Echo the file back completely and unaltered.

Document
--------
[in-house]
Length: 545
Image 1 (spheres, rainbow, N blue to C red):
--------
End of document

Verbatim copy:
[in-house]
Length: 545
Image 1 (spheres, rainbow, N blue to C red):